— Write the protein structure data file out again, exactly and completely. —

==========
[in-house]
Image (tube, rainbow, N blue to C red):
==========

[in-house]
Image (tube, rainbow, N blue to C red):